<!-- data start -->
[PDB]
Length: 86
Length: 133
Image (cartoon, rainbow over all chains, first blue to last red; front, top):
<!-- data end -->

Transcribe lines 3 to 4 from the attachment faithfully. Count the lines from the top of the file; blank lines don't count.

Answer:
Length: 133
Image (cartoon, rainbow over all chains, first blue to last red; front, top):